Leaving aside all this, I have never taken a flight with more constant motion. Everybody was moving at one time or another. Nobody sat quietly. Hardly anybody slept—and it wasn’t all because of the baby squalling from Greenland to Greece. They couldn’t stop moving. And why would they? They were going to the Promised Land. ”Lekh Lekha.”

I also can’t remember the last time I heard a plane – a 747 no less – burst into united applause at an excellent landing. But why not? We were home.

And then . . . passport control was slow, but I do not care at all if that is the case. No country ver needed vigilance at its borders more than Israel.   More of a problem was the 90 minute wait for my luggage. That clearly was not a security issue, and I was already late to write the essay I needed for class placement. I’ll skip that part of the story. Suffice it to say that I arrived in time, if a bit frazzled.

The Har HaZofim campus of Hebrew University is magnificent. Botanical gardens, lush desert landscaping, and an amphitheater that looks across the Judean Desert to the Dead Sea and Jordan, beyond. The weather is delightful.   Constant sunshine. And while it is hot, the constant breezes are cooling (no hamsin yet) and as soon as the sun begins to drop, a delightful chill fills the air. But the most remarkable natural thing about Jerusalem, as all who have been here know, is the light. Pure, crystal, and revealing. It makes the colors intense, from the deep pinks and purples of the flowers, to the warm golden glow of Jerusalem stone.It will be interesting to be here for so many reasons. One among them is location. Har HaZofim is really in East Jerusalem, isolated on a mountain top that left it inaccessible (because surrounded by the Jordanian army) from 1948 to 1967, and now largely surrounded by Arab neighborhoods here on the literal border of the West Bank. I have no fears at all, but we have already been cautioned about where we should (very few places) and shouldn’t (far more) walk. The light rail and buses essentially stop on campus, so getting downtown isn’t an issue. But as somebody who loves to walk everywhere, I feel a bit hampered by the restrictions.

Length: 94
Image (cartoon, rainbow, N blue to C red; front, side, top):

Enough for today. Suffice it to say that I’m not the only old person (and not even the oldest) in my Ulpan or even other programs here. That said, we remain a small minority. I’m hoping the other kids won’t make fun of me for being old.

Tomorrow I will daven Shachris at the Kotel, and do my Shabbos shopping at the wonderful Mechane Yehuda market. “Til then.